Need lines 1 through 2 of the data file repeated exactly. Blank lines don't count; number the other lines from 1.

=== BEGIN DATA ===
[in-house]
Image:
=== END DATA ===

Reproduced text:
[in-house]
Image: